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Saturday, June 6, 2015

#celebratelu15 Instincts and Learned Behaviors



As I walked along the edge of the pond in the gentle rain, I was thinking I had nothing to celebrate. "Some weeks are like that," I said as if to assure myself this was OK

Then, I noticed two mama turtles quietly, assuredly delivering eggs into a soft nest on the edge of the road.  "Instinctively, they knew what to do," I thought as my mind skipped to a Friday afternoon student-teacher interaction.

"Where's everybody?" he asked as he plopped into his seat.

"It's just us today," I said, "and it's your turn to show off your reading." I put the assessment text in front of him.  "This book is about instincts," I read, "Instincts are behaviors we are born with......"

"This looks interesting," he noted as he began reading about animals and how their instincts continue even if they do not need them for survival.  He slowed as he came to an unfamiliar word. "An-kes-tors, an-kest-ros," he attempted. "What's this word?" he appealed.  However, before I could even begin to utter a response, he responded to his own question.  "Oh, like your family," he said and then continued reading.  My hand continued to "tic" away in a manner that would make Marie Clay proud' yet my sidebar note was most important.  "Student is using the meaning of the passage to determine unfamiliar words, such as ancestors."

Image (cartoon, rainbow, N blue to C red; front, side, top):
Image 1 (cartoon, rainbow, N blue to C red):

Before I asked him probing questions to assess his comprehension, he asked me a question that connected our reading earlier in the week (about droughts) with this text. "Is rain instinctive for nature?"

"That's a good question, buddy," I assured him and we deviated  from the script to talk about whether non-living things could have instincts.

Before I had finished my walk around the pond and before I had finished my "day-dream" reflection on my Friday afternoon assessment, I had witnessed (7) mama turtles delivering eggs in the soft dirt.

"I guess I really do have something to celebrate," I assured myself as I headed home deep in thought about whether or not the book that was reverberating in my head, "Instincts and Learned Behaviors" would be a best seller!

So this morning I am celebrating instincts, but also learned behaviors including writing, questioning, reflecting, and determining the meaning of unfamiliar words in context. 

8 comments:

Jennifer Laffin said...

Taking time to talk with our students sure does reveal the wonder of their thinking, doesn't it? I love how you were able to find celebration in the every day. Sometimes our celebrations whisper instead of roar. Good thing you were listening!

Andrea said...

I love how you linked the story of the turtles with the story of this little boy. It is such a celebration that he had such deep thinking about the passage. So great that this celebration was there waiting to emerge. Have a great week!

Kimberley said...

I adore watching animals and insects. I, too, see the link to the students in my class. It reminds me to observe them more and let them be instead of rushing in to make it my thing.

Ramona said...

I love the pic of the turtle, but having this peek into your time with a student was wonderful!

Michelle Haseltine said...

It's weeks like this that I force myself to write a celebration post. Your reflection on your week and the connections you made in this post inspire me. I have to say whenever I read your blog I feel like I get a piece of wisdom from you. It feels peaceful in this space. Thank you for showing up! Thank you for celebrating! Thank you for writing!

Terje said...

It's amazing how a small pause, something you notice, reminds you of another moment, and a celebration is born.

Julieanne said...

What a beautiful post. A perfect example of the links between, noticing, thinking, reading, writing and celebrating!

Tara Smith said...

What Jennifer said - and bravo for listening!